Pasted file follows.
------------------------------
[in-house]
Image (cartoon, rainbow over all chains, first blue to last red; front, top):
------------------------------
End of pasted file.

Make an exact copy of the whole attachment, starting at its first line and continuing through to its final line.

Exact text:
[in-house]
Image (cartoon, rainbow over all chains, first blue to last red; front, top):